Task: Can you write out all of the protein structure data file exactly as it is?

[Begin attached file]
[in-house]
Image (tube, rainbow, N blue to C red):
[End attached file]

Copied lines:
[in-house]
Image (tube, rainbow, N blue to C red):